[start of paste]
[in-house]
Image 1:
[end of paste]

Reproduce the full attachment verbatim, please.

[in-house]
Image 1: